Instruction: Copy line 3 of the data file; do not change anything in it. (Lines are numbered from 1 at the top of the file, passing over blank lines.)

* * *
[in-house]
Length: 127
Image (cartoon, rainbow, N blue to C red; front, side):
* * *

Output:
Image (cartoon, rainbow, N blue to C red; front, side):